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Chinese regulators ban game distributor Steam citing ‘unlawful behaviors’

Written by Jiaxing Li Published on     2 mins read

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Gamers can no longer access their previously purchased titles.

China’s internet security regulator said on Tuesday that the global service of video game distribution platform Steam has been banned due to its “illicit activities,” local media outlet Lan Jing reported. The confirmation came after Steam’s global service was the target of a domain name system attack on December 25 that prevented users in China from accessing its site.

Chinese gamers said on Saturday they were unable to use Steam’s global service, which is the world’s largest game distributor. Steam’s international domain name is now designated as “illegal” by China’s cyberspace regulator, the Ministry of Industry and Information Technology (MIIT). The MIIT did not specify the “illicit activities” that Steam was accused of being involved in.

The block has locked Chinese users out of games that they have purchased through Steam’s international service. Users must now go through Steam’s China-specific application.

Steam tweeted on December 25 to indicate that the platform’s Chinese version works “just fine.”

International video game platforms have long operated in a legal gray area in China. In September, state media outlet Beijing Daily said that since Steam’s global service is not subject to China’s gaming regulations, minors are able to bypass age restrictions and play any video games offered on Steam for any length of time.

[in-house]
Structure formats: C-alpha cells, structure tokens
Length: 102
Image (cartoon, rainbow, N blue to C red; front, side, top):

Steam China, which was developed for gamers in the country, launched in February and can still be accessed. However, the forum and community features that are part of Steam’s global service were trimmed, and only around 100 games that have been reviewed and licensed by the government are available through Steam China.

In February, the number of games in Steam’s global service library surpassed 50,000.

Foreign websites and internet platforms often need to remove their social media features to operate diluted versions of their services in China. Microsoft’s LinkedIn no longer has a social feed, and users cannot create posts or share articles.

China’s gaming industry underwent fundamental transformations in 2021, with new regulations severely limiting the sector’s business landscape. In late August, the government implemented a stringent playtime cap for minors—the stated purpose was to prevent game addiction. In the same month, new game approvals were put on hold, and no new games have been released for players in China for nearly five months.

The gaming industry’s revenue growth has dropped to a three-year low, according to 36Kr. User growth also stagnated this year due to the regulatory headwinds.

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